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What Causes Itchy Ear Canals?

Itchy ear canals can be a real annoyance. To treat this symptom successfully, you first need to know why it’s occurring. Here are five of the most common causes.

 

Sometimes the smallest symptoms can be the most annoying. Such is the case with itchy ear canals. This relatively common symptom can have a variety of causes, most of which aren’t serious, although the itching can be a challenge to deal with. Before you’re tempted to scratch your itchy ear canals with a q-tip, or even worse, a pencil or pen, it’s important to know what’s causing the problem. Here’s what causes itchy ear canals.

Problems with wax

Both too much wax in the ear and not enough can cause itchy ear canals. If too much wax is the problem, you may also experience ear fullness and decreased hearing in the affected ear. In this case, the best solution is to visit a doctor for wax removal. Some people don’t produce enough ear wax which can cause the ear canals to become dry and irritated. This commonly occurs in swimmers. It can be treated by carefully applying a drop of olive oil inside the ear canals using a cotton swab.

Allergies

People who experience seasonal allergies are more prone to itchy ear canals. This occurs from histamine release, an allergy related chemical that also causes the irritated, watery eyes commonly seen with allergies. The symptoms may be relieved by taking an over-the-counter antihistamine.

Fungal infections

Fungi can occasionally infect the ear canals causing itching and irritation. This is more common in swimmers and in people who frequently expose their ears to water. Keeping the ear canals dry and using an anti-fungal medication is the best treatment.

Skin conditions

Common skin conditions such as eczema, seborrheic dermatitis, and psoriasis can also affect the ear canals. This is more likely to be the case if there’s a history of allergy or psoriasis affecting other skin areas. Psoriasis involving ear canals can cause significant scaling and blockage that can reduce hearing and may require professional irrigation of the canals. Severe eczema or seborrheic dermatitis of the ear canals may require use of steroid cream or drop to relieve the itching and irritation. Occasionally, itching and irritation of the ear canals can be due to sensitivity to certain hairsprays or shampoo.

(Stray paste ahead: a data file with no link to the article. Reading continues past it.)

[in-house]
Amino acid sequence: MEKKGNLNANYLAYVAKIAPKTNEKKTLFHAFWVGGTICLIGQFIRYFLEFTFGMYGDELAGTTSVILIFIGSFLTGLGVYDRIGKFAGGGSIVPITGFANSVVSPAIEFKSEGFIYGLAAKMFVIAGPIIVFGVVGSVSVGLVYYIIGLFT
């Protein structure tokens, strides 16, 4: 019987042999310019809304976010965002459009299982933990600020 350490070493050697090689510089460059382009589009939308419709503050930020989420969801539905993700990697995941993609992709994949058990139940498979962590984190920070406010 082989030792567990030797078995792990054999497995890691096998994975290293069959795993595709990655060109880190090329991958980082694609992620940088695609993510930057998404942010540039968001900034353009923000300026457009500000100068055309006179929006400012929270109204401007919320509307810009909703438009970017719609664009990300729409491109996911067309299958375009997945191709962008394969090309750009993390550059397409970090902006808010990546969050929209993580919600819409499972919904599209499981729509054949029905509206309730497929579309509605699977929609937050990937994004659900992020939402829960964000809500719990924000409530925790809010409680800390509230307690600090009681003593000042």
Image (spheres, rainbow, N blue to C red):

Bugs

Unfortunately, bugs can sometimes take up residence in the ear canals at night while you’re sleeping. Once in the canal, it can be difficult for the errant bug to escape. This can cause itching, irritation, buzzing noises, and other unusual sounds and sensations in the affected ear. An insect can sometimes be removed by carefully irrigating the ear with warm water to drown it. If this doesn’t work, it’s time to see a doctor. 

Although itchy ear canals can be bothersome, never insert anything into the ear canals to scratch the irritated area. You not only risk puncturing the eardrum, but it also increases the risk of infection. Treat your ear canals as kindly as possible.

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  1. a really useful article. i found the part about bugs homing in the ear during sleeping time a bit squemish. i understand that the ears also need some almond oil in them to clear them naturally and no soapy water during bath or shower should enter in them too. i love this article like all the others. :) )

  2. Yes I heard the symptoms can be as bad as jock itch. Does starch help in relieving the itch.

  3. Hydrocortisone cream on a q tip works WONDERS! I am actually going to see a doctor b/c this is a recurring thing with me and it drives me CRAZY!

  4. ive tried very strong hydrocortasone and it does not work for me. i will try the almond oil.

  5. I, too, have recently developed an itchy ear canal. The most common, internet, home solution seems to be filling the affected ear canal with a mixture of rubbing alcohol (50% to 80%) and white or apple cider vinegar (20% to %50%). Another commonly reported “natural” treatment was filling the itchy ear canal with olive oil. With either remedy, the ear can be drained when itching stops (almost immediate, up to 1 hour).

    Notwithstanding, the use of cotton swabs and Q-tips are discouraged due to the possibility of injury. Using a dropper to fill the affected ear canal is recommended as being more effective and safer,

    If your itchy ears persist, your doctor or pharmacist.might
    suggest an antihistamine, corticosteroid, antibiotic, antifungal or other treatment.

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